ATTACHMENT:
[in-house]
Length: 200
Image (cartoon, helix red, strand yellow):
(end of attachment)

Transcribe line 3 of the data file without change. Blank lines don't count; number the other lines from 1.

Image (cartoon, helix red, strand yellow):